The Republican-controlled General Assembly delivered Wednesday the first of what likely will be several rebukes this year to Republican Gov. Eric Holcomb.
But in aiming for Indiana's chief executive, who some GOP lawmakers believe has overstepped his authority responding to the COVID-19 emergency, the Legislature ended up hitting all Hoosiers who rent the home they live in.
The Indiana House voted 67-32 to join the Senate in overriding Holcomb's veto of last year's Senate Bill 148 and to immediately enact the measure notwithstanding the governor's objections.
As a result, all local landlord-tenant regulations have been invalidated, including local anti-discrimination protections relating to housing for lesbian, gay, bisexual and transgender Hoosiers.
Going forward, all facets of residential property rental solely are subject to regulation by the General Assembly, including the tenant screening process, security deposits, lease applications or conditions, property disclosures, and fees.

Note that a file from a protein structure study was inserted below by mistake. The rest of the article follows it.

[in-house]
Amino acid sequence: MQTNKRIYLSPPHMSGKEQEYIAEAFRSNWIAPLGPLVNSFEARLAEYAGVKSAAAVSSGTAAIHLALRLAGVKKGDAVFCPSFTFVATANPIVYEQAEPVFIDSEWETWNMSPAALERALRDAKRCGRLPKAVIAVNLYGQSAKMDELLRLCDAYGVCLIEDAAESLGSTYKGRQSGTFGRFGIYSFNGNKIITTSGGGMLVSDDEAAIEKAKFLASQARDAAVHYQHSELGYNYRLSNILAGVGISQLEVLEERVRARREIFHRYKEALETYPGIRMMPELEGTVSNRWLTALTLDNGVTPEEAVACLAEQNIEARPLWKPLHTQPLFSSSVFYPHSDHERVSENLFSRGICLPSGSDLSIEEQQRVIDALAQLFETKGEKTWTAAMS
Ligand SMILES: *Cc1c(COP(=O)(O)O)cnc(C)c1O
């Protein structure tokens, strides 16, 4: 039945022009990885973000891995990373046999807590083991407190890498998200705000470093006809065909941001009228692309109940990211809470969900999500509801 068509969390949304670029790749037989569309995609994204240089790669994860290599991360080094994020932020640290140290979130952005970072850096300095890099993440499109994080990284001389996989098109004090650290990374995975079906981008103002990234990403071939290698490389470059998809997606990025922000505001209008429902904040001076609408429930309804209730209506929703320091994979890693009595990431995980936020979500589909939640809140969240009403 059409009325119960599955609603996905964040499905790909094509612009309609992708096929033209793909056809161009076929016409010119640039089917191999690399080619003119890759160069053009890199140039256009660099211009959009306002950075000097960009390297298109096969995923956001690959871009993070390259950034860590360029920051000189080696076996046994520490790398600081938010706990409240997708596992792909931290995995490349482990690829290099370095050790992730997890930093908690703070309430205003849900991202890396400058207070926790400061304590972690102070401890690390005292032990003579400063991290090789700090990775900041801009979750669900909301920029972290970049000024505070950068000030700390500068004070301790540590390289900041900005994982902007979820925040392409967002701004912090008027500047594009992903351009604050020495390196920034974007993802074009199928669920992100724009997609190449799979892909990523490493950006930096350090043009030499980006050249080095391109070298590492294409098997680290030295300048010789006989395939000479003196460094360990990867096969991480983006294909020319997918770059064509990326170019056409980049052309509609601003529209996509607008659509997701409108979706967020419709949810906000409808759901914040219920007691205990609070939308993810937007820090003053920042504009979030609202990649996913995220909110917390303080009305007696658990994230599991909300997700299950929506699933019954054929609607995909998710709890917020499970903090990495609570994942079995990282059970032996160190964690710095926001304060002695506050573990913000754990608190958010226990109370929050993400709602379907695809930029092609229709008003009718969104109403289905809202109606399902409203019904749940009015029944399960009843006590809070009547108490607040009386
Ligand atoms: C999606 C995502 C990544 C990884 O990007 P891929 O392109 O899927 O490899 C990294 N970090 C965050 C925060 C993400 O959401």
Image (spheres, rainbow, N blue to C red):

In addition, the new law gives landlords the right to bring expedited eviction actions against tenants for nonpayment of rent, or for violating nearly any health or safety component of the rental agreement.
It also currently contains a broad provision barring localities from from regulating "any other aspect of the landlord-tenant relationship," though several measures are moving at the Statehouse to delete that sentence.
Supporters of the plan, championed by the Indiana Apartment Association landlord trade group, said it's a necessary response to Indianapolis ordinances aimed at reducing evictions, making tenants aware of their right to a safe residence, and prohibiting landlords from retaliating against tenants who report code violations or other dangerous conditions.
Critics of the measure, including the Indiana Black Legislative Caucus, said it's unconscionable for Statehouse Republicans to attack local tenant protections while some 313,000 rental households, comprising 720,000 Hoosiers, currently are at risk of eviction amid the COVID-19 pandemic.
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